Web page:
Do you remember the adorable scene in Bambi where Thumper the rabbit teaches Disney’s lovable deer how to walk? Well, computer scientists from the University of British Columbia and National University of Singapore just did that with a bipedal computer model (read: essentially a pair of animated legs) — only instead of a cute cartoon rabbit, the teacher is a deep reinforcement learning artificial intelligence algorithm.
Called DeepLoco, the work was shown off this week at SIGGRAPH 2017, probably the world’s leading computer graphics conference. While we have had realistic CGI that is capable of mimicking realistic walking motions for years, what makes this work so nifty is that it uses reinforcement learning to optimize a solution.
Reinforcement learning, for those unfamiliar with it, is a school of machine learning in which software agents learn to take actions that will maximize their reward. Google’s DeepMind, for example, has used reinforcement learning to teach an AI to play classic video games by working out how to achieve high scores.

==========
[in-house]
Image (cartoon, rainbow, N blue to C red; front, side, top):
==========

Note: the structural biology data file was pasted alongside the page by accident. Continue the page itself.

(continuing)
In the case of DeepLoco, the reward is getting from Point A to Point B in the most efficient manner possible, all while being challenged by everything from navigating narrow cliffs to surviving bombardments of objects. As it does this, it learns from its environment in order to discover how to balance, walk, and even dribble a soccer ball. It’s like watching your kid grow up — except that, you know, in this case, your kid is a pair of disembodied AI legs powered by Skynet!
Nonetheless, it is another intriguing example of the power of reinforcement learning. While the technology could be applied in any number of ways (such as by animators wanting to more easily animate giant computer-generated crowd scenes in movies), its most game-changing use would almost certainly be in robotics. Applied to some of the cutting-edge walking robots we have seen from companies like Boston Dynamics, DeepLoco could help develop robots that are able to more intuitively move through a range of environments.
A paper describing the work, titled “DeepLoco: Dynamic Locomotion Skills Using Hierarchical Deep Reinforcement Learning” was published in the journal Transactions on Graphics.
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